Nicole Smith-Holt’s son Alec died in Minnesota last June--after being forced to ration Eli Lilly’s Humalog insulin when Alec, a person with type 1 diabetes, could not afford the radically-increased price of the medicine. Ms. Smith-Holt wrote about Alec’s experiences in this February article. Ms. Smith-Holt will be attending the Eli Lilly shareholder meeting on May 7th and will pose a question to the company’s CEO and Board of Directors during the Q and A session.
Ms. Smith-Holt, along with T1International and People of Faith for Access to Medicines will be holding a press conference outside of Eli Lilly Headquarters before the company’s shareholder meeting, a legally-required event also known as the Annual General Meeting.
WHEN & WHERE: Monday, May 7th at 10am Eastern (before Ms. Smith-Holt goes into the meeting) at the 800 block of South Delaware Street in Indianapolis, Indiana.
BACKGROUND: Insulin, an essential medicine, was first used to treat a person with diabetes in 1922. Its discoverers sold their patents for $1 each, with the intention that it be accessible for all. Now, almost 100 years later, the cost of insulin is increasingly unaffordable for people living with diabetes in the USA, causing people to ration insulin and skip injections.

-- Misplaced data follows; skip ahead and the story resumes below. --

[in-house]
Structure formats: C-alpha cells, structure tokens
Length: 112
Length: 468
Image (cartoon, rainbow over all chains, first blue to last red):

Physicians report seeing an increasing number of insulin-deprived patients coming into emergency rooms in crisis. Half of those who need insulin cannot reliably get access to it. High prices are leading to bankruptcy and death.
Eli Lilly and Company is one of three manufacturers of insulin. In near lock-step with the other two manufacturers, Lilly has raised the price of its version of insulin by over 300% over the past seven years. A U.S. patient’s out-of-pocket cost for a month’s supply of Eli Lilly’s Humalog can be over $400. The company’s revenues on Humalog rose 12% in the first quarter of 2018.
Although manufacturers like Eli Lilly keep the cost of insulin production a tightly-guarded secret, U.S. prices are likely hundreds of times higher than the expense of making the drug.